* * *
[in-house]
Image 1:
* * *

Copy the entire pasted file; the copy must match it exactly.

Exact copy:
[in-house]
Image 1: